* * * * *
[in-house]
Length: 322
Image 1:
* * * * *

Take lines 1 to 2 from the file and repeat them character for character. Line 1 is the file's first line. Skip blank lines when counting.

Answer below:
[in-house]
Length: 322